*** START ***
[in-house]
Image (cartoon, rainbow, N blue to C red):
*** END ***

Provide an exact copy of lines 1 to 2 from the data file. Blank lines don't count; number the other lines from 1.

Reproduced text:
[in-house]
Image (cartoon, rainbow, N blue to C red):